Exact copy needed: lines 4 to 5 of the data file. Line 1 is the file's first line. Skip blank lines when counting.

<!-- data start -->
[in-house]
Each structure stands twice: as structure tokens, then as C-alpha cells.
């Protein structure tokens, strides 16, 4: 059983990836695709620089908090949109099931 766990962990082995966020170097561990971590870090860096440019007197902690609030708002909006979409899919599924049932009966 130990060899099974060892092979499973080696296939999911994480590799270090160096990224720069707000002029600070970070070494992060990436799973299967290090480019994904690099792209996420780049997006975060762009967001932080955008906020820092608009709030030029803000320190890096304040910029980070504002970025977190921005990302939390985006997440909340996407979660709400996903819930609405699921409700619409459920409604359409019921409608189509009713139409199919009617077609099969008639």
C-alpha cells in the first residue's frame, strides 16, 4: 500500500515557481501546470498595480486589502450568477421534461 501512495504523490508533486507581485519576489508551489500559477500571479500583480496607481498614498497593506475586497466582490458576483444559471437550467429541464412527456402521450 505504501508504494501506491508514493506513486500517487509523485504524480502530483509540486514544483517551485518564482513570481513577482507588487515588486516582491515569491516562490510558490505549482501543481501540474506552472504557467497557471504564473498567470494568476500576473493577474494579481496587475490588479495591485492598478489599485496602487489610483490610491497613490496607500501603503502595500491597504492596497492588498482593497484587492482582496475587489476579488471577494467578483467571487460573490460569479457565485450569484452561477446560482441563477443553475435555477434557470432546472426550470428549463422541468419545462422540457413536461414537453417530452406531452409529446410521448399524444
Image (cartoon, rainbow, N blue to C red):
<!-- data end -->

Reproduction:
C-alpha cells in the first residue's frame, strides 16, 4: 500500500515557481501546470498595480486589502450568477421534461 501512495504523490508533486507581485519576489508551489500559477500571479500583480496607481498614498497593506475586497466582490458576483444559471437550467429541464412527456402521450 505504501508504494501506491508514493506513486500517487509523485504524480502530483509540486514544483517551485518564482513570481513577482507588487515588486516582491515569491516562490510558490505549482501543481501540474506552472504557467497557471504564473498567470494568476500576473493577474494579481496587475490588479495591485492598478489599485496602487489610483490610491497613490496607500501603503502595500491597504492596497492588498482593497484587492482582496475587489476579488471577494467578483467571487460573490460569479457565485450569484452561477446560482441563477443553475435555477434557470432546472426550470428549463422541468419545462422540457413536461414537453417530452406531452409529446410521448399524444
Image (cartoon, rainbow, N blue to C red):